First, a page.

Several mechanisms for the formation of basal channels have been proposed. It was found (Gladish et al., 2012) that undulations in the thickness of the ice at the grounding line are amplified by oceanic melting to form longitudinal channels, whilst channels failed to form that had a smooth (constant) thickness. It was suggested (Le Brocq et al., 2013) that the formation of ice shelf channels can result from subglacial water crossing the grounding lines in a channelized manner, which would entrain warmer ocean water, which then induced large melt rates that were localised, which for small basal channels are enhanced by oceanic melting. It was shown (Sergienko, 2013) that basal channels can appear spontaneously in the presence of lateral shear, even without undulations at the grounding line. At Petermann Glacier, however, Millgate et al. expect the lateral shear to be low, and it has been shown that undulations are high at the grounding line (Rignot & Steffen, 2008).

According to Millgate et al. the question of the overall importance of basal channels to the stability of ice shelves remains open. It is suggested (Rignot & Steffen, 2008) that mechanical weakness increases at the crest of channels, where the ice is thinnest. It was shown (Vaughan et al., 2012) that the settling of crests and keels towards hydrostatic equilibrium is responsible for the ice fracturing, which weakens it further.

Contrasting with this a coupled ice shelf-ocean plume model was formulated (Gladish et al., 2012) and found that basal channels actually increased the ice shelf stability by preventing the development of focussed high melt rates which melted through the ice shelf without any channels. Also, ice shelf melting decreased monotonically as the number of smaller channels increased. In the simple model (Gladish et al., 2012) with reduced ocean physics precluded an investigation of the physical mechanisms involved in this sensitivity. In this study Millgate et al. used the full 3D Massachusetts Institute of Technology general circulation model (MITgcm) to investigate further the impact basal channels have on ice-ocean interactions and thereby the stability of the ice shelves.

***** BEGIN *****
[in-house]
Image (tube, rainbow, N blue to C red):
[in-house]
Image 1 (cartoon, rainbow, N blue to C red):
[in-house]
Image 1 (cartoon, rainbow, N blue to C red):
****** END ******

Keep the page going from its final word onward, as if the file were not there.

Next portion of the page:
Millgate et al. used the MITgcm to assess the impact the basal channels have on the melting of ice and circulation within an ice shelf cavity. It was found by Millgate et al. that the flow of the surface layer of the ocean beneath the ice shelf was altered by the inclusion of the channels, which changed the focus and intensity of the melt. They also found that as the number of channels increases there is a decrease in the overall melt rate, which is in agreement with previous findings (Gladish, 2012).  Millgate et al. also found that this sensitivity is high for a small number of larger channels, but the sensitivity drops for a greater number of smaller channels. It was also found that a geostrophic flow circulates around the channels for larger channels. More “no flow” regions are added beneath keels and crests as channels are narrowed, though on the slopes the geostrophic flow remains unchanged. The result of this is a decrease in the mean flow of the ocean surface layer, and therefore basal melting.